TRIPS flexibilities

© Atul Loke/Panos
TRIPS flexibilities are legal mechanisms enabling member states to express specific needs in terms of public health, in spite of the patent protection in force.

It consists mainly of:

  • compulsory licences, which allow a state to authorise the exploitation of a patent by a third party without the consent of the holder (but with remuneration);
  • parallel imports, the possibility for a country to import the same product sold more cheaply in another country by the holder of the patent, without authorisation of the latter;
  • exemption from obligations of the TRIPS Agreement for Least Developed Countries, as well as a specific exemption to issue patents on medicines for these countries.

Although progress in the coverage of anti-AIDS treatments have been observed in the southern hemisphere, thanks in particular to these “flexibilities” and to the competition from generic medicines, this situation only rarely applies to non-infectious diseases (cancer, diabetes, cardio-vascular diseases, etc.), which are on the increase.

While compulsory licences represent an essential instrument for guaranteeing access to these patients to patented medicines, it is still too seldom used. The topic remains sensitive at a political level, and the threats of commercial reprisals by countries hosting pharmaceutical companies often discourage countries with low and modest incomes to resort to these flexibilities.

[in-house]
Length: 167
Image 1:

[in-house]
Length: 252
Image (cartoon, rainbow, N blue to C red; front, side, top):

© Robin Hammond/Panos

Resorting to TRIPS flexibilities therefore presents many obstacles. When a country such as India implements one of the allowed flexibilities, the pharmaceuticals multinationals do not hesitate to prosecute the state concerned, with the passive complicity of their governments (as with Novartis for the anti cancer drug Glivec). This denial of the right of developing and emergent countries to fully exploit the flexibilities contained in the TRIPS Agreement reached its zenith at the end of the 1990s, during the lawsuit filed by 39 pharmaceuticals companies – most of them supported by their respective governments – against South Africa for presumed violation of the TRIPS Agreement. The South-African state had, however, only used the flexibilities allowed for in the Agreement to manage an urgent public health issue – the pandemic of HIV/AIDS. Following the international scandal triggered by this lawsuit, the issue of flexibilities was brought back to the negotiating table within the WTO, thus opening the political way for the Doha Declaration.

The difficulty experienced by the Least Developed Countries (LDCs) in obtaining a time-limited exemption from the obligations of the TRIPS Agreement, although allowed for in its article 66.1 (renewable exemption without conditions), shows that the industrialised countries put their own interests – and those of their multinationals – before the fundamental rights of the poorest countries on the planet. Alongside other NGOs, Public Eye appealed in 2013 and 2015 to the WTO and Switzerland regarding this matter.